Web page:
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The Discover Science Lecture Series at the University of Nevada, Reno brings renowned scientists and science lecturers from around the country to share their knowledge with the community.

"Science encompasses a wonderfully diverse collection of explorations into the unknown," said Jeff Thompson, dean of the UNR College of Science. "Come and experience the universe of science as the best scientists on the planet visit Nevada for our lecture series. It's a wonderful opportunity for students, faculty and the public."

Lectures will be in an online webinar format until further notice. They are normally held in person at the Davidson Mathematics and Science Center on the University campus.

Dr. Bridget Ayling, director of UNR's Great Basin Center for Geothermal Energy - September 24, 2020. In this role, Dr. Ayling is responsible for developing research and education programs in the field of geothermal energy, overseeing research to understand the complexities of fluid flow in the upper crust and the implications of this for geothermal resource exploration and management, managing the public dissemination of geothermal datasets for Nevada, and supervising graduate students. You must register for this online webinar, which starts at 7 p.m.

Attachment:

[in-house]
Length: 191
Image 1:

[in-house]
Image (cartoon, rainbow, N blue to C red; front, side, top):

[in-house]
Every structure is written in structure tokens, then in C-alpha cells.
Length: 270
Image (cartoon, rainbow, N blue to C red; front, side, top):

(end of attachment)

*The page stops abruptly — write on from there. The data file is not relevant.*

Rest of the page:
Dr. Beth Leger, a director of the Reno Museum of Natural History at UNR - October 22, 2020. Many people appreciate the aesthetic appeal of natural history museums, and these collections are a treasured part of school field trips, family vacations, and rainy weekend days, for people lucky enough to have access to a public museum of natural history. Beyond the sometimes old-fashioned displays (dioramas, skins, and skeletons), there is a whole world of irreplaceable collections hidden away in scientifically controlled environments, representing a record of the history of life on earth that exists nowhere else. In addition to educating the public, these collections are important for lines of research that include questions about responses to climate change, managing invasive species, and the identification of new diseases, among many others. You must register for this online webinar, which starts at 7 p.m.

Dr. Neil Lareau, assistant professor in the Department of Physics at the University of Nevada, Reno - November 19, 2020. Large, high-intensity wildfires can generate their own extreme weather, including fire-generated thunderstorms (i.e., pyrocumulonimbus) and rare fire-tornados. Lareau's research aims to understand these phenomena using state-of-the-science radars and lidars, which can probe the internal dynamics of wildfire convective plumes. You must register for this online webinar, which starts at 7 p.m.

Source: University of Nevada, Reno.

University of Nevada, Reno, Davidson, Mathematics, Science, Center, NV
Davidson Mathematics and Science Center at University of Nevada, Reno. Photo courtesy UNR.

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